For me, the saving grace was discovering meditation and the roads to discovery that it took me down. As soon as I started to dabble in it, my innate curiosity took control and I began to investigate the Eastern religions with a vengeance. I did not find the answers I was seeking but I did find the key to anger, at least for me. I became an "Anger Whisperer". I learned to go into the storm and seek the causes. Carved into the rock lintel of the Oracle at Delphi are the words "Know Thyself", which was my first clue. My readings from the book The Compassionate Buddha provided more clues. Many other books and investigations added more pieces to the puzzle, until I was ready to look beyond the obvious. The tools, I had to find myself. After taking the problems that anger causes into meditation, I began to look behind the face of anger to see what was hiding there, what the triggers were that let it loose.

That is when I really started to grow. I saw that each time I let anger out of it's cell, it immediately sprang to my defense, sheltering me from so many emotions that I did not want to own, let alone deal with. If I was afraid, anger would spring up and hide the fear, if I was embarrassed, anger would cover that emotion too, if I felt inadequate, anger was there to hide it from me. What a big task I had set myself..................I had to look at the bare, unpretty sides of myself that I did not want to have anything to do with, but if I was to tame anger, I had to go there.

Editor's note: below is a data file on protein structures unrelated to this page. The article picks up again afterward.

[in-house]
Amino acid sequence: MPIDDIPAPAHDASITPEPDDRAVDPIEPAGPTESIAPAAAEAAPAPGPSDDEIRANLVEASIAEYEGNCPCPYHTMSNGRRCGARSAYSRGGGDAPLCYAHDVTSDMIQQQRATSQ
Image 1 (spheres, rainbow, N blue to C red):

I looked at my fear each time anger sprang up to hide it from me. As soon as I chose to examine the fear, anger subsided and slunk back into it's den. One piece of the puzzle solved. If I accepted that I had so many fears, anger left me alone to examine them. There was fear of pain, fear of failure, fear of discovery of my unworthiness, fear of being taken advantage of, fear of ridicule, fear of embarrassment, so very many fears that I had no idea I had. What a mess I discovered myself to be, but as they say, acknowledgment of a problem is more than half of the solution thereof. With a wee bit of faith, I began tackling the fears. Each one that I confronted and became familiar with faded into the background, or at least came to me without having anger clear the way.